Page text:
• The political crisis is deepening as the New Year approaches. As we write this, Parliament, the highest institution of state authority, has not sat for several days because of internal disputes in The Mongolian People Party (MPP), which commands a very comfortable majority in it. People are watching how two groups in the same party are fighting with each other, one calling for the resignation of the government and the other trying to push the Speaker off his chair. The mining industry cannot escape being affected by the conflict between groups in the party in power, both likely to pose as more populist than the other, to get the support of citizens. 
  • Service and agriculture were the dominant sectors in the Mongolian economy before 2008, with mining contributing relatively little. As commodity prices in the world market started to rise sharply around that time, investors sought to explore new areas for mineral resources, and Mongolia was one of their destinations, It was at this very interesting turning point for our mining sector that The Mongolian Mining Journal brought out its first issue, giving our country its first magazine specializing in mining, technology and mineral economics. 
  • Ten years have passed since the freezing day in November 2008 when Boloroo– as our founder-editor Bolormaa Luntan was affectionately called -- carried copies of the first issue of The Mongolian Mining Journal to distribute them at various sales points. To our lasting regret, she is not with us as we publish the 120th issue of the first bilingual journal specializing in the Mongolian mining sector but we all know how proud she would have been that her brainchild has not skipped an issue in these 10 years and that it now occupies a place of honour on the Mongolian media scene.
  • In his speech at Coal Mongolia 2018, Yang Xianfeng, Director General of the Economic Operations Department of the China National Coal Association, asserted that the Blue Sky programme in China is opening up vast opportunities for Mongolia’s coal exporters and hoped they would make full use of these.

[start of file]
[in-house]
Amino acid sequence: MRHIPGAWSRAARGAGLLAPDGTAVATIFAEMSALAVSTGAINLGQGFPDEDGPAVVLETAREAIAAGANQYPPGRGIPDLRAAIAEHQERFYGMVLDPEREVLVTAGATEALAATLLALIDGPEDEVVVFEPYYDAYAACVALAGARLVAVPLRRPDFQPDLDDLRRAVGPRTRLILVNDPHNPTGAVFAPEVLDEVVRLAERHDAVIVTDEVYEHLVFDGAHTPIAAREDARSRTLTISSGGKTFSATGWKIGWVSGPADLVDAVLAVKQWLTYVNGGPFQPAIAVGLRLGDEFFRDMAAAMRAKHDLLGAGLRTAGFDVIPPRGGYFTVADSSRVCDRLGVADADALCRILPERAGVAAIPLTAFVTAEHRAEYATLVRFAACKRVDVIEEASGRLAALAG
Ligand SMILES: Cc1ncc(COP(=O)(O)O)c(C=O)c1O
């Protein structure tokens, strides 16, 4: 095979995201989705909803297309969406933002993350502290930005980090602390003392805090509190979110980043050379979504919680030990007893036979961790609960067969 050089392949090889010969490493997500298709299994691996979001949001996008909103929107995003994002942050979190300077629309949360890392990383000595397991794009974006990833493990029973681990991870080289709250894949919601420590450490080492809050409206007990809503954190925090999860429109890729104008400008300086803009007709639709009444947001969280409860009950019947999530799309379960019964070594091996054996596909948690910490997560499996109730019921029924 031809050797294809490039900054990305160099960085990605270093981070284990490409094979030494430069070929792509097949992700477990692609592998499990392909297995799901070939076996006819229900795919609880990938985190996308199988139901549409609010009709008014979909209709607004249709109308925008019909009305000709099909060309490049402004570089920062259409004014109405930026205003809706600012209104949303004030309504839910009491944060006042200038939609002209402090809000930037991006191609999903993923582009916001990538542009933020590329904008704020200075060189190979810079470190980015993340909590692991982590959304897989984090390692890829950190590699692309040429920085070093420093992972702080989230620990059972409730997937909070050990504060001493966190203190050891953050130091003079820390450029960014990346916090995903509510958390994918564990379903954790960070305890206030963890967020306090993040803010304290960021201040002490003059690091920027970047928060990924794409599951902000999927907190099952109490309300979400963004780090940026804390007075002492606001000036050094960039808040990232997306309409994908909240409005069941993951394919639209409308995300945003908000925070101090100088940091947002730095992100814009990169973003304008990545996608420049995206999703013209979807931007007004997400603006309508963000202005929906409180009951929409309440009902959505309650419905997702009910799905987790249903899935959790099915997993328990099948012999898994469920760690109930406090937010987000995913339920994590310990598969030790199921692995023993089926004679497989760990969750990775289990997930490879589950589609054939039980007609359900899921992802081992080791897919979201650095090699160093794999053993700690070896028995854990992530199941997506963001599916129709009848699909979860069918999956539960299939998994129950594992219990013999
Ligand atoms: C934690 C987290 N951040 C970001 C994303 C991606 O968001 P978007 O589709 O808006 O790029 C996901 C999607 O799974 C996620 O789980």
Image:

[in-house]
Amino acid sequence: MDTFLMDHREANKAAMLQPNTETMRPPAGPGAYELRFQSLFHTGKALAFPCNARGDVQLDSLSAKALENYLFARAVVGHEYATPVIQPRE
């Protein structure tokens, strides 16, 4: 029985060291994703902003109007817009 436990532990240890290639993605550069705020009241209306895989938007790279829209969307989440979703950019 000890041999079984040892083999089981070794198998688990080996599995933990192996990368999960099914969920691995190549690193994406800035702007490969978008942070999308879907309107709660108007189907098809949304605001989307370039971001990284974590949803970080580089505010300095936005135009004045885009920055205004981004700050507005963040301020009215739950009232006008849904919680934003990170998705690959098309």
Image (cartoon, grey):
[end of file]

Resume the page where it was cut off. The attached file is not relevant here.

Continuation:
• A German journalist, Dr Dirk Asendorpf, once wrote that the interest of international media in Mongolian mining rose and fell according to the state of the relations between Oyu Tolgoi and the Mongolian government. That way, the interest should be quite high now as the company plans to take the government to the International Court of Arbitration.
  • The spring session of Parliament ended on a high note of hope, as on the closing day it approved the resolution to begin work on putting Tavan Tolgoi (TT) into economic circulation, thus giving the Government the formal green signal to realise a long-cherished dream.
  • Khuvsgul is now officially a non-mining aimag, following a decision taken by the 7th Citizens’ Representative Khural (CRK) on April 20 to bring the area south of the 50th latitude under special local protection. Earlier, in 2009 the Khural had kept apart the area north of that latitude for the aimag’s special needs for a period of 5 years, a period that was extended by 25 years in 2014.
  • As we near the halfway mark of the year, the commodity market continues to be good, bringing hope that the country’s economy will soon be restored to health. As things look brighter, old projects are brought out of storage, and their likely implementation discussed. Some changes to the State policy on railway are almost certain to be made, and there is talk of building some railways exclusively for minerals export. We have chosen railway as the focus of this issue and give you extensive and comprehensive information on these.
  • Prime Minister U.Khurelsukh, who is to pay an official visit to China on 10-13 April, will be followed there by President Kh.Battulga in June, the dates yet to be decided. There is no official word on the subjects to be discussed by them and the agreements to be signed, but the general expectation is that these will focus on collaboration in Mongolian mega projects so that economic growth is accelerated.
  • Some long-awaited amendments to the Mineral Law on 24 January, 2014 finally brought cheer to the gold sector. Royalty rates were reduced to 2.5 percent, the system of progressive royalties was withdrawn, and Mongolbank was made responsible for refining and exporting all gold mined in Mongolia. These amendments are to be in force until January next year, and it is now a good time to assess how beneficial they have been for the sector. On that evaluation will depend whether the amended regulations and practices should continue.
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